Though Casey and Diana features gay men dying of AIDS, what Green has really written is an ars moriendi play. That’s why the play is so moving. It may be based on a very specific incident but it subject is universal: “How do we best prepare ourselves for our final moments?”

The cast has clearly been inspired by Green’s play and by Kushnir’s direction. All six give absolutely impeccable performances. This is Sean Arbuckle’s 21st season at Stratford and it is a joy to find that he is at last the central character of a play. As Thomas, he is the figure around whom all else in the piece revolves and he gives an unforgettable performance. Arbuckle conveys all the layers of Thomas’s character. Thomas is the joker of the hospice but he jokes to hide his despair. He constantly makes fun of the staff, but that is partly because he knows how much he and the other patients depend on them. He claims he hates his sister but, as the play shows, he would like to heal the rift between them while he still has time. For all his outer brashness, when confronted by his vision of Diana, he is all humility and his voice takes on a softness he doesn’t otherwise use. Arbuckle provides a masterclass in how to project multiple sides of a character simultaneously.

Davinder Malhi is excellent as Andre. Anyone who saw Malhi in Young People’s Theatre’s live broadcast of Jordan Tannahill’s rihannaboi95 in 2021 will know how expert he is in embodying a young man consumed by fear. In Casey and Diana, Malhi demonstrates how Andre gradually moves beyond fear and distrust to accept his situation and the help of others. It is really through Malhi’s Andre that we realize what a momentous act entering Casey House really is: it is an admission that this is the place where you will die.

Linda Kash gives a lovable portrait of the volunteer Marjorie. Kash emphasizes Marjorie’s small town way of looking at things and expressing herself which provides a humorous contrast to the unfriendliness of the big city. Kash shows how Marjorie gradually develops motherly feelings toward Andre that are contrary to the protocols of the House. Though Marjorie is primarily a comic character, Kash fully conveys Marjorie’s pain, humiliation and grief which strike us all the harder for their being expressed by such a self-effacing character. Strangely, Green brings up the question several times why Marjorie has chosen to volunteer in an AIDS hospice, but he never allows Marjorie to give an answer.

Green does not give Vera, the nurse and Marjorie’s supervisor, as wide a range of emotions to express, but Sophie Walker counters this by suggesting that much lies suppressed under Vera’s authoritarian stance and strict demeanour. In one fine speech Walker does have the chance to let Vera explain what has learned in allowing herself one time to become too emotionally invested in a patient under her care.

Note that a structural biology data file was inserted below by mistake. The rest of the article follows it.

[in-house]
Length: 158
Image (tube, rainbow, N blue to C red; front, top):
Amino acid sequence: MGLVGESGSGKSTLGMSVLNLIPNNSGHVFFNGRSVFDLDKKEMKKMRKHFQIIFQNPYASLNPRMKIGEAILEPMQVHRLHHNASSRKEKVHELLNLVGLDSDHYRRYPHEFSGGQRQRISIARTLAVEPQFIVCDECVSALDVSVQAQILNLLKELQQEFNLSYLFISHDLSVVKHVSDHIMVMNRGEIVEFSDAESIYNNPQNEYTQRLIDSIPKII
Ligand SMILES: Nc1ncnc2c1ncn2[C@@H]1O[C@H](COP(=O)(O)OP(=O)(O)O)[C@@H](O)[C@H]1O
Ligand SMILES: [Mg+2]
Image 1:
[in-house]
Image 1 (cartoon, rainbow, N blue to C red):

Laura Condlln is superb as always in playing a character of conflicting emotions. She shows that Pauline’s anger at the staff and at Thomas are really products of her own frustration and guilt. As with Thomas, beneath Pauline’s outward hostility is a sincere longing for forgiveness and reconciliation.

Krystin Pellerin is in the unique position of being the first actor to portray Princess Diana at Stratford. With the help of Joshua Quinlan’s accurate costumes and with a study of Diana’s typical body language and pattern of speech, Pellerin becomes a surprisingly effective incarnation of the People’s Princess. Green is careful not to have Diana speak too much since too much would bring a person who is an ethereal ideal for Thomas too far down to earth. The one long conversation Green gives Diana and Thomas feels strained where they find a similarity in having the minutest aspects of their behaviour observed. Green never mentions it, but there is an unspoken poignancy the audience feels with regard to Diana, knowing that she who comforts the dying will herself die only six years after the events of the play.

To think of Casey and Diana as a play about AIDS or a play about Casey House is to put the play in danger of being merely an imagined slice of life drama based on a fait divers. If that were so we would have to wonder why the play exerts such an emotional pull. To think instead of the play as a study of the ars moriendi, specifically of Thomas’s gradual learning of how to die well, gives all the action that fills up the period of waiting for Diana’s visit a purpose.

Pauline tells Marjorie that Thomas is more afraid of dying than he lets on. Knowing this, we can see how this flawed and complex human being slowly readies himself not merely for Diana’s visit but for the moment when he will have to let go of life. Green has written a play of uncommon naturalness and depth which many more people will want to see than will be able to in its three-week run at Stratford.

Christopher Hoile

Photos: Krystin Pellerin as Princess Diana and Sean Arbuckle as Thomas. © 2023 Cylla von Tiedemann; Resident at Casey House and Princess Diana. © 1991 Tim Graham; Sean Arbuckle as Thomas; Davinder Malhi as Andre and Linda Kash as Marjorie; Laura Condlln as Pauline. © 2023 Cylla von Tiedemann.